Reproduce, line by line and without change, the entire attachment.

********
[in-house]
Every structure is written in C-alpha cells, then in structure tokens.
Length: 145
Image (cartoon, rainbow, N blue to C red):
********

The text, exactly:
[in-house]
Every structure is written in C-alpha cells, then in structure tokens.
Length: 145
Image (cartoon, rainbow, N blue to C red):